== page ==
IIED marks international forests day with major new research report and toolkit
IIED is marking the International Day of Forests (21 March) by issuing two new publications with its Forest and Farm Facility partners that highlight a powerful new approach to strengthening forests and forest producers.
Forest business incubation is a process that accelerates the development of successful, sustainable forest businesses that serve both people and forests. The process is critical for implementing the Sustainable Development Goals (SDGs) and the Paris Agreement, strengthening forest economies, increasing rural incomes and improving climate resilience.
Peter de Marsh, chair of the International Family Forestry Alliance, explains the significance of this work: "The FFF Partnership is building hope for our families, our communities, and the planet.
"The encouragement from FFF is not just about support for our efforts to replace bad, unjust, and dysfunctional government policies and market distortions with better ones. The new book and toolkit on business incubation help take our work a step further, from creating the potential for new directions, to actually moving towards them."
IIED has been studying how different organisations around the world are going about incubating sustainable forest businesses.
This research has culminated in a major new report, titled 'Forest business incubation: towards sustainable forest and farm producer organisation (FFPO) businesses that ensure climate resilient landscapes'. The 300-page report, free to download from the IIED website, analyses why forest business incubation is both challenging and different from business incubation in urban settings.
The publication includes detailed case studies of efforts to deliver business incubation services in forest landscapes in Asia, Africa and Latin America.
IIED is also launching a practical toolkit for developing business incubation capabilities. The toolkit, 'ForBInc: a forest business incubation toolkit by and for Forest and Farm Producer Organisations', shows how to develop business incubation capabilities within an existing institutional structure, such as an FFPO or NGO or government extension agency. It offers a framework specific to forest and farm landscapes, with practical tips and guidance throughout.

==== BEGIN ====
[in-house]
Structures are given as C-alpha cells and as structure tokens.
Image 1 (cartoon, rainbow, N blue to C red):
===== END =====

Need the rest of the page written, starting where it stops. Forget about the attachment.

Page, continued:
Both publications have been published with the Forest and Farm Facility (FFF), an international partnership that provides support to forest and farm producer organisations. FFF partners include the Food and Agriculture Organisation (FAO) of the United Nations, the International Union for Conservation of Nature (IUCN) and AgriCord.
The Forest and Farm Facility partnership: building hope
The new publications mark the transition from the first phase of the FFF partnership to a new second phase. Over the last five years, IIED and its partners have been working to strengthen FFPO business and policy engagement capacities, and have achieved remarkable, cost-efficient impacts.
FFF has reached 947 FFPOs in 10 partner countries: Plurinational State of Bolivia, the Gambia, Guatemala, Kenya, Liberia, Myanmar, Nepal, Nicaragua, Vietnam and Zambia. In addition, the partnership has delivered regional and global programmes engaging with some 30 organisations with a combined membership of more than 40 million people.
FFF has also identified gaps in FPPO knowledge and responded by generating guidance such as the practical toolkit 'Securing forest business: A risk management toolkit for locally controlled forest businesses', alongside 50 other knowledge products.
The findings are echoed in early results from an evaluation of the Climate Investment Funds' Forest Investment Program portfolio, which has identified a 'missing middle' in investments and financing for forest-related businesses. IIED has partnered with LTS International to generate lessons and recommendations from this Evaluation and Learning Partnership.
FFF: looking ahead to Phase II
The success of FFF has led to more than 40 countries applying to join Phase II of the FFF. From 2018-22, work will continue to strengthen FFPOs that represent smallholders, rural women's groups, local communities and indigenous peoples.
But in this new phase, FFF will help forge concrete links between FFPOs with climate change and forest landscape restoration programmes, and help FFPOs deliver the social and cultural services that are critical to implementing the SDGs.
The SDGs recognise the need for transformative action on forest loss and poverty: agriculture and forestry have links to all 17 of the goals. To achieve the SDGs, it will be essential to mobilise the collective agency of the world's 1.5 billion forest and farm smallholders and indigenous peoples. FFF's work is highlighting the potential of producer organisations to be a vital operating system for the SDGs.